The Facebook, Twitter, LinkedIn founders saved their children about $1B in taxes. Zuckerberg, alone, saved about $250M in taxes. Long before their companies went public, they put a very small percentage of their stock in a Grantor Retained Annuity Trust (“GRAT”). A GRAT is a trust that works magnificently when the assets placed in it appreciate over the term of the GRAT (usually about 3 to 15 years).
The key rule with a GRAT is that you need to distribute to yourself about 102% of the initial value of the assets placed in the GRAT. Assume that you place 1M shares of stock in a 5 year GRAT when the price per share is $1 ($1M of stock) and the stock price increases by $50 per year. You will need to distribute to yourself annually about $204K ($1M initial value divided by 5 year term plus about 2% interest per year). So, at the end of the first year, you will distribute about 4,000 shares of stock, as those shares at that time would be worth about $204K. At the end of the 5 year term, there will be about 990K shares of stock remaining in the GRAT.
So, when you die, these asset pass to the beneficiaries of the GRAT (usually your children or future, yet-to-be-born children) tax free. So, if you die immediately after the term of the GRAT, the beneficiaries would receive about $198M of stock tax-free. Huge savings. If the stock was not in a GRAT, the Federal estate tax would be about $67M.
In Zuckerberg’s case, he initially set up his GRAT with 3 million+ shares in 2008, 4 years before Facebook’s IPO. This was when a share of Facebook was worth less than a dollar. After the IPO, the value of each share (which Zuckerberg will get to pass on gift/estate tax-free) in the GRAT grew at least one hundred fold, which will save the eventual beneficiaries hundreds of millions of dollars when it’s transferred to them.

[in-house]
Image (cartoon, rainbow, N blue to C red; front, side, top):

This example is very simplified, as there are many other “moving parts” and there are professional fees to set up and maintain the GRAT that need to be considered. Bottom line, though, if the GRAT assets appreciate, this can save your children tons of money in taxes.
Interestingly, these GRATs are often called “Walton” GRATs. The Wal-Mart family won a 2000 Tax Court case that opened this door and made these trusts legal.
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To ensure compliance with requirements imposed by the IRS, we inform you that any U.S. federal tax advice contained in this document is not intended or written to be used, and cannot be used, for the purpose of (i) avoiding penalties under the Internal Revenue Code, or (ii) promoting, marketing, or recommending to another party any transaction or matter that is contained in this document.